Just Stop Oil protesters get suspended jail terms after Kingsbury action

·2 min read
Oil depot protest
Demonstrators blocked the main entrance of the Kingsbury Oil Terminal for four-and-a-half hours

Five environmental activists who admitted breaching an injunction by blocking entry to the country's largest oil terminal have been handed suspended sentences.

About 50 Just Stop Oil campaigners were arrested, after sitting across the main entrance of the Kingsbury Oil Terminal, in Warwickshire, on 14 September.

A High Court injunction in April had banned them from doing so.

A civil hearing was told they stopped tankers for four-and-a-half hours.

Sitting at Birmingham Crown Court on Wednesday, Judge Emma Kelly was told Jerard Latimer, George Oakenfold, Anthony Whitehouse, Chloe Naldrett and Darcy Mitchell were among a group which "stretched" the resources of police involved in the run-up to the Queen's funeral.

The group also stopped a terminal worker leaving to get to a medical appointment, the court heard.

'Tunnelling under roads'

Opening the case for contempt of court, barrister Jonathan Manning said the injunction's purpose was not to prohibit lawful protest, but "simply to prohibit dangerous activities that some protesters have been engaging in".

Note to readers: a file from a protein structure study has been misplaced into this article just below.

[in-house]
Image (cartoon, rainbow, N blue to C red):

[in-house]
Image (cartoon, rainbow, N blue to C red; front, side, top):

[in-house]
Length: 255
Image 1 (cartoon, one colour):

He listed examples such as as having mobile phones near "the terminals where there's a high risk of explosion" and "tunnelling under roads".

Mr Manning, representing North Warwickshire Borough Council, also said: "Many of the police officers from Warwickshire Police were being used to police the period of national mourning and funeral arrangements for the Queen.

"They had to be brought back from that in order to provide the numbers needed to safely arrest these protesters."

All five defendants admitted breaching the injunction.

Climate crisis

In mitigation, Whitehouse, a pensioner, told the court he would rather be tending to his allotment but felt he had no other choice.

"Even the new King has said we should be on a wartime footing in addressing the climate crisis," he said.

Oakenfold, a retired 78-year-old, said he regretted taking up police and court time but it was "no consequence at all compared to the extreme danger we now find ourselves in due to rising temperatures across the world".

In sentencing, Judge Kelly said: "Simply because of the sheer number of you who had chosen to gather in one place, it created a risk of clearly significant harm should police be needed elsewhere."

The judge jailed each of the protesters for 23 days, but suspended the terms for two years, because it was their "first breach".